From memorials to mementos, a need to touch 9/11
Whether building a tower to the sky or putting ink to skin, people look for ways to connect with the day of tragedy.
Ken Senter, a history teacher at Oak Ridge High School in Oak Ridge, Tenn., displays a five-foot beam from the World Trade Center outside of the school. the school is having a memorial sculpted from the piece.
September 1, 2002
History teacher Ken Senter has a plan to capture the horror of the Sept. 11 terrorist attacks for his students in Tennessee. He'll take them outside.
Two beams salvaged from the ruins of the World Trade Center -- battered hunks of steel he received after lobbying New York officials for nearly a year -- will be shaped into a memorial in front of Oak Ridge High School. Every year, his students will file by for a hands-on history lesson.
"I just felt in my heart that if I could tell my kids, "This is from ground zero, people died next to this beam,' . . . it will retain the reality of that experience longer," Senter said.
Communities across the nation responded with an outpouring of generosity and grief after last September's attacks: There were candlelight vigils, flags flying, blood donations, hundreds of millions of dollars poured into charities.
A year later, America has turned to commemorating the tragedy in concrete and steel, in words and fabric, in churches, museums, and even tattoo parlors.
There are scholarships and songs, quilts and paintings, exhibits and displays, videos and tens of thousands of Web sites. There are public memorials that will scrape the sky and private mementos already buried in the earth.
New York City Fire Lt. Gary Lustig displays his Sept. 11 tribute tattoo at a Staten Island tattoo shop.
"There's a desperate need for people to be connected," said Nick Carpasso, an art historian in Massachusetts and expert on public memorials.
And having an artifact brings the tragedy home, said Mark Schaming, director of exhibitions at the New York State Museum.
"It's human nature to have a touchstone and be closer to a historical event," he said. "The further away you are, the greater the need for it."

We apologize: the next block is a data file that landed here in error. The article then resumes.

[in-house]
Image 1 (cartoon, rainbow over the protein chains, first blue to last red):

A different kind of memorial is emerging in a Pennsylvania field six miles from the spot where United Airlines Flight 93 crashed after its passengers apparently thwarted their hijackers.
The Rev. Al Mascherino spent $18,000 to buy a vacant church and plans to have non-denominational services on the 11th of each month.
"Of all the messages of those who perished that day, theirs was the clearest," Mascherino said of the passengers. "It really was a declaration of independence. They were able to rise up and defeat their oppressors."
Not all memorials are meant to be seen.
In Ridgewood, N.J., a New York suburb, families of 12 victims buried a vault containing photos, baseball caps and other remembrances from their loved ones. Those who died left behind 24 school-age children.
In Washington, D.C., a bronze capsule filled with mementos from the attack on the Pentagon, along with victims' names, was placed behind a slab of blackened limestone.
Some have commemorated Sept. 11 in a way America has traditionally honored presidents and famous people: renaming streets, schools, buildings, athletic fields, ferry boats.
A New Jersey post office has been named for Todd Beamer, the Flight 93 passenger whose simple exhortation, "Let's roll," became a rallying cry against terrorism. And there's a Jason Dahl school in California, honoring one of the pilots of that flight.
The heroics of the firefighters also live on.
In Las Vegas, a fence outside the New York New York Hotel displays more than 1,000 T-shirts from fire departments worldwide and plans are under way for a permanent memorial. In Watertown, S.D., New York firefighters are saluted with a mural painted by high school art students.
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